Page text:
Having gigged professionally only since 1991, Beau Jocque reportedly has become the south Louisiana zydeco circuit's biggest draw, besting such established names as Boozoo Chavis and Buckwheat Zydeco, all while demonstrating how to modernize a traditional style without sucking the soul out of it. As a melodist, he's no Mozart, but he compensates for that through sheer heartthrobbing rhythmic panache, ripping his way through pumping funk beats, ska-ish meters, and boogie shuffles with the assistance of a powerful rhythm section that slams this shit harder than it's ever been slammed. Then there's Jocque's modest harmonic innovation, necessitated by the fact that like a basic ten-hole harmonica the diatonic button accordion is severely limited in its tonal options; while each right-hand button voices a single note, each left-hand button sings a complete major chord. So Jocque's fondness for minor keys presents him with a nice technical challenge that he meets by simply working the major chords in anyway, combating zydeco's usual harmonic monotony with hues of scrappy dissonance. Don't miss the exciting call-and-response between Jocque and his drummer, Steve Charlot, who answers Jocque's gruff shouts with a reedy, cracking yelp, like some old-time Jamaican reggae toaster. The product of all this is something genuinely new: a nervous, deliciously raw, machete-edged noise that stretches out the possibilities of zydeco without losing its grip on the genre's blues-bedrock trustworthiness. Which is to say that it sounds not at all like a newfangled hybrid but, oddly, like something quite ancient. Friday and Saturday, 10 PM, FitzGerald's, 6615 Roosevelt, Berwyn; 708-788-2118.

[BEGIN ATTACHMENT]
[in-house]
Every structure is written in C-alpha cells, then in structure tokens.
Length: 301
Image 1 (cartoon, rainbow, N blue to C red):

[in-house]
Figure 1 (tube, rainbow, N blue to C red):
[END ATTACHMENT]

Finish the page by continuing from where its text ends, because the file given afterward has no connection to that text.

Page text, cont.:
Art accompanying story in printed newspaper (not available in this archive): photo/Rick Olivier.